Wire taps have been “authorized” for decades, of course, and Raines never explains what “infringements of civil liberties” are mandated by the Patriot Act. As the Trunk and I know, having debated leftists on the merits of the Patriot Act, it is always sufficient to ask a liberal to identify the sections of the act to which he objects. I have never yet met a liberal who is able to do so. Actually, I have never yet met a liberal who has read the Patriot Act.
Raines continues:

Here’s what Kerry has to face up to and build upon. The difference between him and Bush is that Kerry represents the liberal, charitable wing of the Privilege party and George W represents the conservative, greedy wing of the Privilege party.

Got that? The difference between Democrats and Republicans is that Democrats are “charitable” while Republicans are “greedy.” And all this time, you thought we were unfairly caricaturing the vapidity of liberal thought! But it’s worse than that–Raines himself is, obviously, not a member of the “Privilege party.” Republicans and Democrats, tweedle dee and tweedle dum, are adherents of the Privilege party, but Raines occupies a purer position to the left–as a Communist, apparently.
You think I exaggerate? Consider this:

Americans aren’t antagonistic toward the rules that protect the rich because they think that in the great crap-shoot of economic life in America, they might wind up rich themselves. It’s a mass delusion, of course, but one that has worked ever since Ronald Reagan got Republicans to start flaunting their wealth instead of apologising for it. Kerry has to understand that when a cure is impossible, the doctor must enter the world of the deluded.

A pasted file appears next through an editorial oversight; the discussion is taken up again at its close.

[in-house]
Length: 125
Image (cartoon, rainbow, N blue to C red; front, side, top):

By the “rules that protect the rich,” Raines refers to the fact that we don’t yet have socialism in America. The longed-for day when Raines and like-minded New York Times staffers can simply steal other peoples’ money has, regrettably, not quite arrived. Those who believe in free enterprise are suffering from a “mass delusion;” because bumpkins like us are so numerous, however, John Kerry must “enter the world of the deluded.”
Are you starting to detect here a certain obsessive hostility toward freedom, toward free enterprise, and toward America?
Most of all, of course, Raines hates George W. Bush. He repeats–completely irrelevantly–the silliest and most discredited canards about Bush’s Texas Air National Guard service:

There’s hardly an American who does not know that George W got into the Air National Guard when others couldn’t through his father’s political pull, that he got into flight school ahead of others due to his father’s political pull, that he was allowed to skip his normal weekend drills and make them up without being punished because of his father’s political pull.

Raines himself was a jounalist throughout the Vietnam years, operating under one deferment or another. It will come as no surprise to our readers that he did not risk his life as a fighter jet pilot. He would never have been capable of flying such an airplane.
And finally, we arrive at what may be the most fundamental of Mr. Raines’ bigotries:

If John Kerry, Purple Heart winner, can’t take that set of facts and handle Russert as well as Messrs Bush and Cheney do, he’s not likely to cause enough defections in the Christian bloc to defeat them.

Wow. President Bush’s voters are “the Christian bloc.” So if you want to know who in America is really stupid, really “greedy” and “deluded,” look no farther. It’s the “Christian bloc.” Raines’ bigotry is breathtaking, and breathtakingly stupid. Just consider: a few short months ago, this ignorant bigot was running the New York Times.
Everything conservatives always suspected about the malignancy and the stupidity of the people who run the dominant, liberal media is true. The truth, in fact, is worse than conservatives could ever have imagined.